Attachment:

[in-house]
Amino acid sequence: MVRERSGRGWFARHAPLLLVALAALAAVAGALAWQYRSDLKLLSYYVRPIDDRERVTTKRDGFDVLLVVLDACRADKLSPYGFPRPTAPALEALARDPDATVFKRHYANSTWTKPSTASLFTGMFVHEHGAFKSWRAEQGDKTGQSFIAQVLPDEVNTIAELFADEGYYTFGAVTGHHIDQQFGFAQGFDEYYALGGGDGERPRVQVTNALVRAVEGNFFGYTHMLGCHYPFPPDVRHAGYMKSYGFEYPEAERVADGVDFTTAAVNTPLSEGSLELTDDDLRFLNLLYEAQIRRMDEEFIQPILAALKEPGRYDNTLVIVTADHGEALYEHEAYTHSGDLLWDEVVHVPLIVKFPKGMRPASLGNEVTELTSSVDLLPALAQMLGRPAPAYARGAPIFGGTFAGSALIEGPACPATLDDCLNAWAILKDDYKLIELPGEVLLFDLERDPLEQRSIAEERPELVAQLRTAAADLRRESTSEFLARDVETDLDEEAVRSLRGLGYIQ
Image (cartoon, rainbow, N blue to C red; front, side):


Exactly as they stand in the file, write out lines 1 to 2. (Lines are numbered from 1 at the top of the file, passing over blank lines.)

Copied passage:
[in-house]
Amino acid sequence: MVRERSGRGWFARHAPLLLVALAALAAVAGALAWQYRSDLKLLSYYVRPIDDRERVTTKRDGFDVLLVVLDACRADKLSPYGFPRPTAPALEALARDPDATVFKRHYANSTWTKPSTASLFTGMFVHEHGAFKSWRAEQGDKTGQSFIAQVLPDEVNTIAELFADEGYYTFGAVTGHHIDQQFGFAQGFDEYYALGGGDGERPRVQVTNALVRAVEGNFFGYTHMLGCHYPFPPDVRHAGYMKSYGFEYPEAERVADGVDFTTAAVNTPLSEGSLELTDDDLRFLNLLYEAQIRRMDEEFIQPILAALKEPGRYDNTLVIVTADHGEALYEHEAYTHSGDLLWDEVVHVPLIVKFPKGMRPASLGNEVTELTSSVDLLPALAQMLGRPAPAYARGAPIFGGTFAGSALIEGPACPATLDDCLNAWAILKDDYKLIELPGEVLLFDLERDPLEQRSIAEERPELVAQLRTAAADLRRESTSEFLARDVETDLDEEAVRSLRGLGYIQ